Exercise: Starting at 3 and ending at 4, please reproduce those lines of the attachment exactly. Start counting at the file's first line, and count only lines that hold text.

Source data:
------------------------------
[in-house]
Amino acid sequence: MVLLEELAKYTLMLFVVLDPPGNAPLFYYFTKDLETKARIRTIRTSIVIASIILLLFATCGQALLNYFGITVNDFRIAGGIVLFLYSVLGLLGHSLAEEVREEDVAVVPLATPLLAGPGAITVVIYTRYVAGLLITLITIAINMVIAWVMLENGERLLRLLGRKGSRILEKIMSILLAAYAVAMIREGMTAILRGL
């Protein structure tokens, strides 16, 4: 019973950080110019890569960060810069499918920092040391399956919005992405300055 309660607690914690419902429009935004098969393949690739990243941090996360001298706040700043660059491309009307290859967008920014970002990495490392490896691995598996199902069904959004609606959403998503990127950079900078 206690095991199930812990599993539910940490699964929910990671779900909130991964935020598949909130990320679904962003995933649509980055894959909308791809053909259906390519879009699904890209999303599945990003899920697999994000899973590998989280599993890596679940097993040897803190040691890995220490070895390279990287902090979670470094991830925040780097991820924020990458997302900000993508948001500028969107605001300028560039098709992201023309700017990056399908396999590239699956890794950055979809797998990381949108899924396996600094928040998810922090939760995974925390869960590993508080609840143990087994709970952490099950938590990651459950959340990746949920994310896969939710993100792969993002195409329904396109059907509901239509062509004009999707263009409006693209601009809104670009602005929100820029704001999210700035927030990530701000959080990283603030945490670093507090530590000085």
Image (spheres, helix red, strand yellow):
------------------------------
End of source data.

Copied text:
């Protein structure tokens, strides 16, 4: 019973950080110019890569960060810069499918920092040391399956919005992405300055 309660607690914690419902429009935004098969393949690739990243941090996360001298706040700043660059491309009307290859967008920014970002990495490392490896691995598996199902069904959004609606959403998503990127950079900078 206690095991199930812990599993539910940490699964929910990671779900909130991964935020598949909130990320679904962003995933649509980055894959909308791809053909259906390519879009699904890209999303599945990003899920697999994000899973590998989280599993890596679940097993040897803190040691890995220490070895390279990287902090979670470094991830925040780097991820924020990458997302900000993508948001500028969107605001300028560039098709992201023309700017990056399908396999590239699956890794950055979809797998990381949108899924396996600094928040998810922090939760995974925390869960590993508080609840143990087994709970952490099950938590990651459950959340990746949920994310896969939710993100792969993002195409329904396109059907509901239509062509004009999707263009409006693209601009809104670009602005929100820029704001999210700035927030990530701000959080990283603030945490670093507090530590000085």
Image (spheres, helix red, strand yellow):